Latin America: Bolivia's Morales Says Yes to Obama, No to the DEA

Bolivian President Evo Morales said at a Monday news conference at the UN that he would like to improve ties with the incoming administration of Barack Obama, but that the DEA would not be allowed back in Bolivia during the remainder of his term. The comments signal an effort to restore ties with the US that were badly frayed during the Bush administration while still retaining Bolivian sovereignty over its drug control policies.

https://stopthedrugwar.org/files/evomorales.jpg
Evo Morales, probably holding a coca branch
"My interest is how to improve relations with the new president," Morales said after addressing the UN General Assembly. "I think we could have a lot of things in common.
If we talk about change I have some experience now," he said, referring to the Obama presidential campaign's slogans based on the need for change. "I think it would be good to share experiences with the new president-elect."

Morales, a former coca grower union leader who became the first indigenous person to become Bolivia's leader, compared himself to Obama, who is the first black man to win the US presidency. Better relations between the two countries would have to be based on "respect from one government to another," Morales said.

There has been tension between the US and Morales over his "zero cocaine, but not zero coca" policies, under which Bolivian farmers in certain areas are allowed to grow coca for traditional and industrial uses. But because the Morales government appears committed to battling the cocaine trade, US criticism of his coca policies was muted until recently.

In response to what it called US meddling in its internal affairs, Bolivia has this fall undertaken a number of measures to hit back. It ordered USAID to leave the Chapare coca growing region, and after unrest from right-wing separatists resulted in bloody conflict in September, Morales expelled the US ambassador. The US retaliated by expelling Bolivia's ambassador to Washington and by "decertifying" Bolivia as not cooperating in US drug war goals. After that, Morales first barred over-flights by US drug surveillance planes and then, two weeks ago threw the DEA out of the country.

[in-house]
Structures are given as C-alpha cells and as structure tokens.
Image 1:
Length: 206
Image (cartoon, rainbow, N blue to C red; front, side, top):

"The DEA will not return whilst I am still president," Morales said, speaking in Spanish through an interpreter. Nor does he want US anti-drug aid. He said he was working with other countries in the fight against drug trafficking. "We've discussed matters with Brazil, Russia and France, where they manufacture helicopters," he said. "We want to buy some, perhaps using emergency loans. There is interest in South American countries and Europe to join together to fight against a common problem, which is drug trafficking."

And Washington is the odd man out. Perhaps overall relations will warm with an Obama presidency, but not if the US insists that the DEA be allowed back.

Permission to Reprint: This article is licensed under a modified Creative Commons Attribution license.
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I am glad that these people

I am glad that these people are speaking out againt the US. I am a US citizen, but not a total supporter of our govt on a number of different levels. Obama is more relatble to other countries, and for that reason, can restore some of the legacy we have lost during the last 8 years of Bush administration. The US wants to end the manufacturing and growing of the Coca plant, however, it has far more industrial uses than Cocaine. The Hemp plant is used for WAAAY more than marijuana production, and the US pays for it to get imported here (another genius idea from drug war maniacs). So the fact that other countries no longer wants help from the "Superpower" should come as no suprise, the US has burned bridges with everyone from Iraq to Russia to Venezuela to The Caribbean. I am proud to be an AMerican but I am NOT proud of our Drug War!

GOOD for Bolivia!!!

I too am glad President Morales, and the people of Bolivia, are saying NO to the USA. I too am a US citizen, and also am very dismayed with our governments’ attempts to push
its morals on to other countries. Coca is perfectly legal in Bolivia, and is used by people for various reasons. I work with a guy that was born there and moved to the US in his late teens. He says that coca tea is widely used for stomach ailments. He has used it for nausea and tummy aches – he says there is no over the counter or prescription, here in the US, that works near as well. I haven’t used cocaine in 18 years, but know our attempts abroad and in America, to stop its (and other drugs) use are have not worked, and will never work. People just like to get high, and you are not going to legislate that out of anyone. The war on drugs has not worked, and will continue to be a very large waste of money as long as it continues, and the sooner the retards in Washington admit this, the better. Just legalize the stuff, tax the snot out of it, and then, feed, house, and provide descent medical care, for people that need it. I could go on, but I am just reiterating things that have been said a billion times before. If there were more vocalization of this view, and more voting in this direction, law makers might eventually get the point. I hope this occurs. I would REALLY like the option of smoking a joint rather that drinking a beer. Thanks for listening.

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